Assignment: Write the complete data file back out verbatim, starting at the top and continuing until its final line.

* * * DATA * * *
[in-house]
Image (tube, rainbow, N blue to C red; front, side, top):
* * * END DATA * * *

[in-house]
Image (tube, rainbow, N blue to C red; front, side, top):